Being treated with contempt and being ‘in contempt’

25 Jun

Back in 2001 a parliamentary transport committee concluded the pedestrians were treated with contempt. Contempt is an interesting word with two main meanings: The first meaning is given as the ‘an attitude of regarding someone or something as inferior, base, or worthless’ and ‘the state of being despised or dishonored; disgrace’. The second (legal) definition is more interesting which is the defined as ‘open disrespect or willful disobedience of the authority of a court of law or legislative body’. To be ‘in contempt’ there must be a lawful order, the person needs to have knowledge of the order, the ability to comply with the order and to fail to do so. Bill Clinton was found to be ‘in contempt’ when it was proven that he had deliberately given misleading answers to the investigators over the Monika Lewinsky affair.

As pedestrians we seem to have a choice: we can either accept that we are ‘despised or dishonored or in disgrace‘ and are ‘inferior, base, or worthless‘. If we accept this then we should just give up. Alternatively we can decide that the people who are making are lives difficult are ‘in contempt’ and act accordingly!

Here are a few local examples motorists and companies that I consider are ‘in comtempt’. All these photos have been taken in the past 24 hours near where I live. The first to are of vehicles owned by companies that are paid to maintain the highway!

The first vehicle is owned by Carilion plc, who’s moto is ‘making tomorrow a better place’. It is frequently parked across the footway overnight next to a new raised pedestrian crossing. Today there is about 500mm between its wing-mirror and the hedge.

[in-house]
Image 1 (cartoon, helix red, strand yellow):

Nice raised crossing, shame about the Carilion ‘highway maintenance’ van across the pavement

The next is a vehicle owned by Peek Traffic (or should that be ‘Peak Traffic’) which is parked on the pavement on double yellows with no-loading pips in such a way that pedestrians can’t use the pavement on the approach to a post office, a co-op and a bus stop. It has its official lights flashing and the driver is doing his paperwork. He says he had a right to park there (he doesn’t). I suggested that he moved off the pavement and onto the hard-standing but he wasn’t interested. Hopefully he will do so next time.

Peek Traffic, disruption for pedestrians

And here is a vehicle owned by Suffolk County Council which is fitted out to move disabled people around. There is no need to be parked up on the pavement at all at this point and it sends out all the wrong messages.

Suffolk County Council – should set a better example really

Of course there are all the other cars left on the pavement that the police refuse to deal with and consequently very narrow spaces left for pedestrians on the approach to schools. There are the maps that don’t including pedestrian routes (even the maps created specifically for pedestrians). When someone does dare to do something about it, as this blind man did in Wales, he got locked up. Another person who shoved a car out of the way that was blocking his garage ended up having to pay for the repair of the pavement parker’s car. There are the local councils that instruct their wheelie-bin collection staff to leave bins all over the pavement rather than back on private property and refuse to discuss the issue. I could go on but I won’t! What is clear is that pedestrians need to get out of victim mode and be a lot more assertive and start by using the right definition of contempt.

Update

Someone, possibly from Peek Traffic but possibly not has corrected me in a comment below saying that highway maintenance vehicles are allowed to ignore waiting restrictions to “allow the maintenace of roads and services there in”.   I will check these regulations at some point to see if they cover this situation.

8 Responses to “Being treated with contempt and being ‘in contempt’”

  1. Graham Martin-Royle June 25, 2011 at 2:24 pm #

    I love the photo of the Suffolk County Council vehicle, it has clearly displayed disabled stickers and yet the driver obviously thought that it was fine to park across a pavement obstructing access for the disabled.